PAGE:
by Matthew Pertz, Opinion Editor

Viola Davis’s epic of an Academy Awards acceptance speech was received with near-universal praise for many good reasons. She was clearly moved by the gravity of the moment and she extolled storytelling on a worldwide stage, inspiring the masses to go out and “exhume those bodies” in search of the untold story.

Davis portrayed Rose Maxson in the film adaptation of August Wilson’s play Fences, winner of the 1987 Tony and Pulitzer awards. She and costar Denzel Washington first revived the play in 2010, originally declining to move the production to the silver screen unless Paramount Pictures, in accordance with Wilson’s wishes, hired a black director who understood the cultural implications of the story (Paramount later signed Washington for the job).

While on stage at the Oscars, Davis proclaimed, “I became an artist, and thank God I did, because we are the only profession that celebrates what it means to live a life,” but that is a few degrees off of the truth. Claiming that artists alone celebrate life is a narrow interpretation of the human experience.

Every person is fitted with their own unique passion because of our inherent nature to justify the life we’ve been given. To say that an accountant doesn’t celebrate life is a fallacy; an accountant just uses his or her life to create in a different way.

As a journalist, I’m partial to believe my peers curate life by bringing real stories to light and exposing power to accountability. The Houston Chronicle released a nine-part investigation detailing the chronic collapse of Texas’s special education programs. KARE-11 in Minneapolis uncovered scandals in the VA, allowing veterans to reach better healthcare. David Farenthold at the Washington Post doggedly chased then-candidate Trump’s tax returns and charitable claims, while months later Jim Scuitto of CNN revealed that the Kremlin might have compromising information on our President. Ta-Nehisi Coates explores racial imbalance and its causes for The Atlantic. The late, great David Carr beautifully covered the impact of media and technology on our collective conscience. All of this reporting chases what is good and valuable in life: truth, balance, democracy, freedom and knowledge. And journalists aren’t considered artists.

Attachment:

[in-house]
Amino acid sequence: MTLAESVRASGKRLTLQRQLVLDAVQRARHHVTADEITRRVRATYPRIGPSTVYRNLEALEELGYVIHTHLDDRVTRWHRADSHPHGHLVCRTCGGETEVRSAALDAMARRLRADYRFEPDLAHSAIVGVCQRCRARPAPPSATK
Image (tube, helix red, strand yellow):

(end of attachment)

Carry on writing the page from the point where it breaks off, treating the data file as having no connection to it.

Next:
Perhaps curbing the definition of “artist” is the real issue. A passive definition of art includes only visual and musical performers. Binding ourselves to this misnomer tampers the human experience. It’s impossible to assess the contributions of different mediums against each other. Which most accurately depicts black America: Toni Morrison’s Jazz, Wesley Lowery’s reporting on police brutality and race relations, “Fences,” Cornel West’s philosophy or Kendrick Lamar’s music? That question will never have an answer, as the medium in which art is created doesn’t change the value of the art itself.

In that sense, artists are not just painters, songwriters and actors. Artists are scientists, mathematicians, bankers, chefs, software engineers, academics, athletes and even those without their purpose. To live life is to be an artist, and in that way we all celebrate our existence.